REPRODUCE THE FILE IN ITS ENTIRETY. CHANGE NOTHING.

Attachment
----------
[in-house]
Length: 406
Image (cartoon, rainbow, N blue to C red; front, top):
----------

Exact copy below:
[in-house]
Length: 406
Image (cartoon, rainbow, N blue to C red; front, top):